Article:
Where there is a “penalty” for being a mom, other factors are also in play: “While employed mothers overall appear to earn less than employed women without children at home, the gap is driven mainly by differences in educational attainment between the two groups. Among women with similar levels of education, there is little gap in the earnings of mothers and non-mothers. However, fathers earn more than other workers, including other men without children at home, regardless of education level.”
This is due to a “wage premium” for fathers—which has increased over the past 30 years.
What can L&D leaders do?
Suggested solutions often focus on organizational culture, which is an area where learning leaders can have some influence.
“More sustained progress in closing the pay gap may depend on deeper changes in societal and cultural norms and in workplace flexibility that affect how men and women balance their careers and family lives,” Pew said.
OECD delved deeper into the causes of pay gaps, finding that, “On average, 'sticky floors' related to social norms, gender stereotyping, and discrimination account for 40% of the gender wage gap, while the 'glass ceiling' related to the motherhood penalty accounts for around 60%.”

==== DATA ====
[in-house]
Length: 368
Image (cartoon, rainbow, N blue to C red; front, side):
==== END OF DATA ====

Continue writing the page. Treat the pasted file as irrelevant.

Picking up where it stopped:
Many barriers that women and BIPOC leaders face are invisible. Biases, whether unconscious or conscious, may result in women and BIPOC candidates being denied promotions or jobs—without their or anyone else’s awareness.
“Unconscious biases continue to permeate the workplace, with only 41% of male managers agreeing that their organizations’ leadership believes that women with children are just as dedicated to their jobs as women without children. The attributes perceived as critical for leadership also remain gendered—men are expected to be results oriented, and women, people oriented,” according to a recent IBM Institute for Business Value study on women in leadership.
Training is one antidote to bias, as are clear and uniform processes for identifying and evaluating candidates, whether internal or external, for roles and promotions.